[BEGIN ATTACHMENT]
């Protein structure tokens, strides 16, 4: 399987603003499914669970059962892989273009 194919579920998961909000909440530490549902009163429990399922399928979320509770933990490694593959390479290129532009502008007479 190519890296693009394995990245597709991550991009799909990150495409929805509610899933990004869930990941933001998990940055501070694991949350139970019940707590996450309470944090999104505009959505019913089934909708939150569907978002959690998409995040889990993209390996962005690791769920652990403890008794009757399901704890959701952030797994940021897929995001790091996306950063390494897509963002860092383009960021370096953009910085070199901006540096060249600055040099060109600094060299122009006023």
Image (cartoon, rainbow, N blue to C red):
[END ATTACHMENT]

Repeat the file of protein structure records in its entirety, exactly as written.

């Protein structure tokens, strides 16, 4: 399987603003499914669970059962892989273009 194919579920998961909000909440530490549902009163429990399922399928979320509770933990490694593959390479290129532009502008007479 190519890296693009394995990245597709991550991009799909990150495409929805509610899933990004869930990941933001998990940055501070694991949350139970019940707590996450309470944090999104505009959505019913089934909708939150569907978002959690998409995040889990993209390996962005690791769920652990403890008794009757399901704890959701952030797994940021897929995001790091996306950063390494897509963002860092383009960021370096953009910085070199901006540096060249600055040099060109600094060299122009006023």
Image (cartoon, rainbow, N blue to C red):